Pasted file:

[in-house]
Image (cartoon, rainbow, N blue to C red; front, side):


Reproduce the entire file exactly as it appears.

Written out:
[in-house]
Image (cartoon, rainbow, N blue to C red; front, side):